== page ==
arm Is treated. His preliminary ex
amination .will be held as soon as lie
able to leave tho hospital.
Friends of the Coopers throughout th
state claim the affair was merely a utiee.
duel in which both slurs met and bewail
firing; that the Coipers had tiled to uvo.d
a met ting with Mr. Carmack and tlut they
Wire on their way to the state capital In
response to a telephone mtfcsuge from Gov
ernor PatteiHOn when tlio tiagtdy occurred;
that Senator Carmaik had keen warned and
was expecting trouble.
The friends of SMiator Carmack stren
uously claim that the killing -was the re
sult of a conspiracy in which men high In
authority were connetted; that Mr., Car
mack wus waylaid and assassinated while
he Was on his way to his boarding house
and while he was talking to a woman;
that when he lift the Tennesscean office
for his boarding house the fact was tele
phoned from a house near the Tennesseean
office and that thus the Coopers were noti
fied that the senator was on ills way and
to be on the alert.
It now develops, according to friends of
Mr. Carmack, that there was a third party
with the Coopers Just before the shooting,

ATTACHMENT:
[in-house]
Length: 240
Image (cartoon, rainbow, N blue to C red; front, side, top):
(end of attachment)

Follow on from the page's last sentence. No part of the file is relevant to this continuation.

an ex-county otflclal who Is a close per
sonal friend of both the Coopers and Gov
ernor Patterson. Friends of the dead sen
ator intimate that there will be some sen
sational development s within a day or so
regarding the affair. Neither Colonel
Cooper nor his son will give out any state
ment for publication.
Delegates to National Association In
spect National Home at
Colorado Spi'lags.
DENVER. Nov. ll.-The convention of
the American Federal Ion of Ihor held no
sessions today. Several hundred delegates
and guests went to Colorado Springs to
visit the Union Printers' home aa guests of
the International Typographical union. The
News today says that President Roosevelt's
snub to Oompcrs will be resented by John
Mitchell, Daniel J. Kuefe and James Dun
can as soon as they receive the president's
Invitations to attend his legislative dinner
at the White House next Tuesday.
These three members of the executive
council of the American Federation of La
bor yesterday decided that they would re
fuse the Invitation. This action was taken